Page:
Timing of dialysis initiation in AKI in ICU: international survey.

Link to article at PubMed

Timing of dialysis initiation in AKI in ICU: international survey.

Crit Care. 2012 Dec 19;16(6):R237

Authors: Thakar CV, Rousseau J, Leonard AC

Abstract

ABSTRACT: INTRODUCTION: Initiating dialysis in acute kidney injury (AKI) in an intensive care unit (ICU) remains a subjective clinical decision. We examined factors and practice patterns that influence early initiation of dialysis in ICU patients with acute kidney injury. METHODS: An online survey presented nephrologists (international) with three case scenarios with unstated predicted mortality rates of < 10%, 10 - 30% and > 30%. For each case the respondents were asked 4 questions about influences on the decision whether or not to initiate dialysis within 24 hours: Q1, likelihood of initiating dialysis; Q2, threshold of BUN levels (< 50, 50 - 75, 76 - 100, > 100 mg/dl) considered relevant to this decision; Q3, magnitude of creatinine elevation (2 - 3 times increase; > 3 times increase; absolute level > 5 mg/dl regardless of change) considered relevant; Q4, a rank order of the influence of five parameters (BUN level, change of creatinine from baseline, oxygen saturation, potassium level, and urine output), 1 being the most influential and 5 being the least influential. RESULTS: 172 nephrologists (73% in practice for > 5 years; 70% from the U.S.A.) responded to the survey. The proportion of subjects likely to initiate early dialysis increased (76% to 94%), as did the predicted mortality (p < 0.001). The proportion of subjects considering early dialysis at a BUN level < 75 increased from 17% to 30 to 40% as the predicted mortality of the cases increased (p <0.0001). The proportion of subjects choosing absolute creatinine level to be more influential than relative increment, went from 60% to 54% to 43% as predicted mortality increased (p < 0.0001). Rank-order analysis indicated that influence of oxygen saturation and potassium level on dialysis decision showed a significant change with severity of illness, but BUN level and creatinine elevation remained less influential, and did not change with severity. CONCLUSIONS: Severely ill patients were more likely to be subjected to early dialysis initiation, but its utility is not clear. Rank-order analysis indicates dialysis initiation is still influenced by "imminent" indications rather than a "proactive" decision based on the severity of AKI or azotemia.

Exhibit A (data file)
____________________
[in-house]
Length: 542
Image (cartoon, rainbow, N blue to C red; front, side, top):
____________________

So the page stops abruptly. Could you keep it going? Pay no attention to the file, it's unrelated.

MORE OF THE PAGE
PMID: 23254325 [PubMed - as supplied by publisher]

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